Weekend Culture; Chinese journalist who raised alarm over COVID finally being revealed

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China has finally “freed” citizen journalist Zhang Zhan who was jailed in 2020 for filming and writing about the outbreak of COVID-19 in Wuhan.

The charity Reporters Without Borders (RSF), which had campaigned for her release, said it continued to be concerned by her situation, as she remains under strict surveillance by the authorities.

RSF added that “partial freedom is not freedom at all”. It called for diplomatic intervention “to ensure her full and unconditional release without delay”.

On May 21 2024, Zhang released a video through an intermediary confirming her release in which she said she was staying with her brother in Shanghai. In the video, the former lawyer appeared in her dressing gown looking subdued, possibly ill, and speaking very softly.

She thanked those who had helped and supported her. As the video was filmed in a darkened corridor it is impossible to know if the location is in fact her brother’s apartment.

In February 2020, Zhang had travelled to Wuhan where she filmed stories about the scale of the Wuhan lockdown, focusing on empty train stations, hospitals overflowing with patients and the strict limits on freedom of speech concerning the lockdown.

She posted these on social media and in one obtained by the BBC, you can see the police stopping her physically from filming. In the video she said: “Maybe I have a rebellious soul. I thought: Why can’t I film these things? I think this is true reality. So why can’t I film the truth?”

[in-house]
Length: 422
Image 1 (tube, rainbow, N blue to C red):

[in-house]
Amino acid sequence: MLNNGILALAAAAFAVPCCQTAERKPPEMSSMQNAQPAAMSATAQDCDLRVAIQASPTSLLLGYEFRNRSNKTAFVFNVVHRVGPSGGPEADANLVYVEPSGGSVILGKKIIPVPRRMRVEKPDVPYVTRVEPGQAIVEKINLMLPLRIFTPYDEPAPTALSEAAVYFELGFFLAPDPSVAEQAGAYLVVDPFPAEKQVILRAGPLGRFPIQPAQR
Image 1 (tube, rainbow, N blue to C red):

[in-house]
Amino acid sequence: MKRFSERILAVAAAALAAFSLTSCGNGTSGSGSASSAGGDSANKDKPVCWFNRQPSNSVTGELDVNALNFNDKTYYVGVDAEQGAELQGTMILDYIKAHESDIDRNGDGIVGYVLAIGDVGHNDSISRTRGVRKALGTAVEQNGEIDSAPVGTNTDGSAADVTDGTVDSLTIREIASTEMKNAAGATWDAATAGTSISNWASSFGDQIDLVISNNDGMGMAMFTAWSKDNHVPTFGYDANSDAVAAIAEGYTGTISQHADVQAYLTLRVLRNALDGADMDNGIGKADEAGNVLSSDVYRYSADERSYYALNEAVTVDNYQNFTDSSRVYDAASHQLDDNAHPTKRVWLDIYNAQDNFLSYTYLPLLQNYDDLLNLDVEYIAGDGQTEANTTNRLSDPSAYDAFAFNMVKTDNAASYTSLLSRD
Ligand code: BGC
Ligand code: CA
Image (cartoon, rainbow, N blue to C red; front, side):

Zhang was arrested in May 2020 and was later charged with “picking quarrels and provoking trouble”, a vaguely worded charge which the Guardian’s senior China correspondent Amy Hawkins says is standard for activists and elicits a 99% conviction rate. A further three Chinese citizen journalists were understood to have been detained around the same time as Zhang.

For reporting during lockdown, the BBC’s John Sudworth was expelled in 2021, along with his wife Yvonne Murray who was the Beijing correspondent for the Irish public broadcaster RTÉ. During this period China also expelled correspondents working for the New York Times, the Washington Post, the Wall Street Journal, the Australian Broadcasting Corporation and the Australian Financial Review.

During her detention Zhang went on hunger strike and ended up being hospitalised. In one of her hearings, she was brought into court in a wheelchair. According to RSF, she had been force-fed through a nasal tube and was suffering from “severe malnutrition, gastrointestinal disease and low white blood cell count”.

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In the recently released 2024 RSF World Press Freedom Index, China is ranked 172 out of 180 countries. The index notes that China is “the world’s largest jailer of journalists” and that 106 journalists and three media workers are currently detained.